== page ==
While any school can offer the International Baccalaureate, for international schools like YCIS, this program is an obvious and excellent choice.


The IGCSE is the international equivalent to the British GCSE curriculum, and is the principle assessment used to determine secondary school competency. At the end of their IGCSE studies, students take the relevant exams in Years 10 and 11. After their IGCSE exams, students may begin to study their A Level subjects. In some international schools, depending on the examinations they offer, IGCSE exams must be taken prior to the IBDP. 

Starting in Year 9, students begin to narrow their field of study in preparation of the exams. The official IGCSE curriculum offers 70 subjects available for study and examination, including 30 languages. Schools normally do not offer all 70 subjects, but instead choose a range of IGCSE subjects they think their students will be interested in. Students can choose to take up to 16 IGCSEs in different subjects, but this course load is usually too burdensome for most students. The majority of students take around 9 or 10 IGCSEs. 

Ms. Alison Derbyshire of Dulwich Pudong tells us that “the IGCSE is recognized by universities world-wide: over 10,000 schools in more than 160 countries follow the Cambridge international curriculum. The range of subjects and the quality of the specifications ensure that students’ academic learning has breadth and depth at this important stage of their education.”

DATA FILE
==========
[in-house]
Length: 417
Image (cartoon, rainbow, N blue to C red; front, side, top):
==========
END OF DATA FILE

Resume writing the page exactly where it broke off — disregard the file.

A Levels

Although most British schools offer A Levels, Dulwich Pudong prefers the IB.


In the UK, A Levels immediately follow the GCSEs. While students normally take around 9 or 10 GCSEs, A Levels narrow the focus of study to three subjects in Years 11 and 12. A Levels are not required to exit secondary school, however they are necessary for applying to universities. Along with the IBDP and the American SAT, A Levels are a universal assessment for universities to recognize potential student candidates. 

To take the A Levels, students must have at least five GCSEs at grades A* to C and at least grade B in the specific subject(s) you want to study. Students will study their A Level subjects for two years before sitting their exams. When students sit their exams at the end of Year 12, they are assessed on scores ranging from A-E and given a uniform mark scale as well, which is scored out of 600.